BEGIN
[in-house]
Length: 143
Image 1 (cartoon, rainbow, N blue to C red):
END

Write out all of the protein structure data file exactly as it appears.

[in-house]
Length: 143
Image 1 (cartoon, rainbow, N blue to C red):